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On the Charts: Neil Diamond Rides Multi-Pronged Push to Number One

May 14, 2008 11:30 AM ET

The Big News: Perhaps thanks to a guest mentorship on American Idol, soundtracking Boston Red Sox victories, that Urge Overkill cover in Pulp Fiction or a last minute surge for Mother's Day gifts, Neil Diamond's Rick Rubin-produced Home Before Dark topped the charts this week with 145,840 copies sold. Last week's champ Madonna's Hard Candy was knocked down to the third spot, selling 94,177 copies in its second week. Former American Idol runner-up Clay Aiken also got a rub from his old show (and probably a Mother's Day surge as well) as On My Way Here debuted at four, while Mariah Carey's E=MC2 rounded out the top five.

Debuts: Country music dominated as Toby Keith's 35 Biggest Hits entered at number two and Dierks Bentley's Greatest Hits bowed at nine. Mom favorites Gavin DeGraw and Josh Groban came in at seven and eight. Tokio Hotel's American debut Scream took the thirty-nine spot with 15,811 copies, while the compact disc version of Elvis Costello's Momofuku debuted at fifty-nine. And in an unprecedented moment in charts history, Animal Collective's Water Curses EP topped the Singles chart.

Last Week's Heroes: Hard Candy took the biggest hit, dropping sixty-six-percent in sales in a week where only three of last week's top ten held steady. Portishead's Third fell from seven to twenty-four, the Roots' Rising Down rolled from six to twenty-eight and Tom Petty's Mudcrutch plummeted from eight to fifty-three.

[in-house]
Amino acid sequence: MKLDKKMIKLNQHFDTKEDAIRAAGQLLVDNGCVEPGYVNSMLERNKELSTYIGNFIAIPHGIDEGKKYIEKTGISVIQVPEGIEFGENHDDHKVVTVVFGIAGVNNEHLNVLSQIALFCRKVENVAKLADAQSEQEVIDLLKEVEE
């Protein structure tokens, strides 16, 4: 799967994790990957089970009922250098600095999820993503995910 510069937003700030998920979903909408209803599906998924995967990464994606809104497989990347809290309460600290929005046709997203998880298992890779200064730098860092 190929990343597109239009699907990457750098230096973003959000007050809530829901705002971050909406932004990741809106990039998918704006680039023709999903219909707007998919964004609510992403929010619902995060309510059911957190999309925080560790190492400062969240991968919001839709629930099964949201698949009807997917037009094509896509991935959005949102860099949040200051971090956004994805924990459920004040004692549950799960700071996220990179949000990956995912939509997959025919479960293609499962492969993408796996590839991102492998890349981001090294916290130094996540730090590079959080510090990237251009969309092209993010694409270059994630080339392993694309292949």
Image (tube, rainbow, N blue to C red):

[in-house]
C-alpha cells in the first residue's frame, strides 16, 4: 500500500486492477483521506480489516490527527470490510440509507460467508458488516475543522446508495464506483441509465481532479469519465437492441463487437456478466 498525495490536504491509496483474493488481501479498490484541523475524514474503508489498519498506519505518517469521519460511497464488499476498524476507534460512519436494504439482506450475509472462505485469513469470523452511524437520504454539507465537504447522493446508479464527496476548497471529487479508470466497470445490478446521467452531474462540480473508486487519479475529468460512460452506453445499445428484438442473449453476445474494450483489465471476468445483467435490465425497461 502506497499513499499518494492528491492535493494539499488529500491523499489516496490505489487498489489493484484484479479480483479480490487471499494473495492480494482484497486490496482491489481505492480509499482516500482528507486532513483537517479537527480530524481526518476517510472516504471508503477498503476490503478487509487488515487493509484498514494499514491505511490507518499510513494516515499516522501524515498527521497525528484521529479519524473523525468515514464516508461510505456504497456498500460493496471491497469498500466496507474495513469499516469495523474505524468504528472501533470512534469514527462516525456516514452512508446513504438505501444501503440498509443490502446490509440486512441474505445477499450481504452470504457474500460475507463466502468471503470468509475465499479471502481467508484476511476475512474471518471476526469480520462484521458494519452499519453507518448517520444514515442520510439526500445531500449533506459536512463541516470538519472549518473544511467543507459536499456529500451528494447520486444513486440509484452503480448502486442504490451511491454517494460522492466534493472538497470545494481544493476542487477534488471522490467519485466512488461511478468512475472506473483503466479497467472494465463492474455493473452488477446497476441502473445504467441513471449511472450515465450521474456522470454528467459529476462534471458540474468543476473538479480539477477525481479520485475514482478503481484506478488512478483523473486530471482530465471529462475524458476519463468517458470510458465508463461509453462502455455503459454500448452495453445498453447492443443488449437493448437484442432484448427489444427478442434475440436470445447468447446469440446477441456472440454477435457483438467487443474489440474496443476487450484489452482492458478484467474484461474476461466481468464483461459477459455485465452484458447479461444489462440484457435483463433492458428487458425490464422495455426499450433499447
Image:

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Song Stories

“Santa Monica”

Everclear | 1996

After his brother and girlfriend both died of drug overdoses, Art Alexakis -- depressed and hooked on drugs himself -- jumped off the Santa Monica Pier in California, determined to die. "It was really stupid," said the Everclear frontman, who would further explore his personal emotional journey in the song "Father of Mine." "I went under the water. Then I said, 'I don't wanna die.'" The song, declaring "Let's swim out past the breakers/and watch the world die," was intended as a manifesto for change, Alexakis said. "Let the world do what it's gonna do and just live on our own."

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